Mobile's going to become more and more and more important, Mr. Berry said, and become a tool that may even replace the tablets many people use today.
With more consumers accessing information about tires and tire stores from their mobile devices, tire dealerships' websites will have to provide more information, including directions to the store, maps and phone numbers that can be clicked on to dial, Mr. Berry said.
The consumer may be using these devices while they are in your stores doing research, he said, whether that is comparing products, pricing or whatever.
Tire Pros is working on developing a mobile site, which should be released by the end of the first quarter, he said, so we capture that traffic trying to drive it to the retail base.
With communication so easy on mobile devices, taking care of customers and solving problems is crucial, the Tire Pros and ATD executives said. It used to be when a customer had a bad experience, they told 10 people, Mr. Berry said. Today they are going to tell 10 million people.
It is extremely important that we focus more and more on that customer experience because ratings and reviews really do matter.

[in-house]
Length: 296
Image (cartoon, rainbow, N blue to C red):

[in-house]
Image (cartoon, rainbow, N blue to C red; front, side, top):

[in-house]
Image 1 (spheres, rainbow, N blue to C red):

To help guide the dealer group, Tire Pros has developed a new mission statement, said Dave Crawford, vice president of operations: To be the best tire and service retailer of elite, independent and locally invested dealers who are committed to providing customers with a hassle-free experience.
Everything going forwardtraining, development, focus, everythinghas to wrap around this mission statement, he said.
Image is an important part of this, he said. Research shows that 95 percent of consumers say the image of a facility helps determine whether they are going to buy from a retailer.
To help dealers upgrade their locations and improve the visual appearance of their locations, Tire Pros has partnered with a company called ProView on a program to help change the image of our stores from being traditional tire shops, if you will, to being progressive retailers that sell tires, Mr. Crawford said.
The company has designed a common look featuring an awning that will showcase a dealership's and the Tire Pros' names and includes an interior and exterior package that dealers can adapt to their stores to give them a more consistent appearance with other Tire Pros stores across all markets, Mr. Brown said.